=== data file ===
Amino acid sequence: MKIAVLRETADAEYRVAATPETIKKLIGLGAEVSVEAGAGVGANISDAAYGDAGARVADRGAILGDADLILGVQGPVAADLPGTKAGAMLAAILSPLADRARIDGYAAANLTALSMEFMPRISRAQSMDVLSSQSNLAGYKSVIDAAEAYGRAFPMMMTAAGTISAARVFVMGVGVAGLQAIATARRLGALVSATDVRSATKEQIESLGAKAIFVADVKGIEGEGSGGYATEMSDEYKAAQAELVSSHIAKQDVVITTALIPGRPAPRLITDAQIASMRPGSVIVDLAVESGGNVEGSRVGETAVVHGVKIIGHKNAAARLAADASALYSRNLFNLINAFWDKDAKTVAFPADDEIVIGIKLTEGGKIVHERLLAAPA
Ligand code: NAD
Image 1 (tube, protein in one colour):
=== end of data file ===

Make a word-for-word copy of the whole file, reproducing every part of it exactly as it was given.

Amino acid sequence: MKIAVLRETADAEYRVAATPETIKKLIGLGAEVSVEAGAGVGANISDAAYGDAGARVADRGAILGDADLILGVQGPVAADLPGTKAGAMLAAILSPLADRARIDGYAAANLTALSMEFMPRISRAQSMDVLSSQSNLAGYKSVIDAAEAYGRAFPMMMTAAGTISAARVFVMGVGVAGLQAIATARRLGALVSATDVRSATKEQIESLGAKAIFVADVKGIEGEGSGGYATEMSDEYKAAQAELVSSHIAKQDVVITTALIPGRPAPRLITDAQIASMRPGSVIVDLAVESGGNVEGSRVGETAVVHGVKIIGHKNAAARLAADASALYSRNLFNLINAFWDKDAKTVAFPADDEIVIGIKLTEGGKIVHERLLAAPA
Ligand code: NAD
Image 1 (tube, protein in one colour):